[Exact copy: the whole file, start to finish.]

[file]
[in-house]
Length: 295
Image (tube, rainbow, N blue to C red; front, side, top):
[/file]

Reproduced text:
[in-house]
Length: 295
Image (tube, rainbow, N blue to C red; front, side, top):